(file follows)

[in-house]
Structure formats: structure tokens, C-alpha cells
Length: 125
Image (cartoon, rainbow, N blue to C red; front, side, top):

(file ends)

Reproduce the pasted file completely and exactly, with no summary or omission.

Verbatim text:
[in-house]
Structure formats: structure tokens, C-alpha cells
Length: 125
Image (cartoon, rainbow, N blue to C red; front, side, top):